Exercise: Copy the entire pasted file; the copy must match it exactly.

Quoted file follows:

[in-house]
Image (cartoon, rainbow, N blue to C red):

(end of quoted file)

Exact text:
[in-house]
Image (cartoon, rainbow, N blue to C red):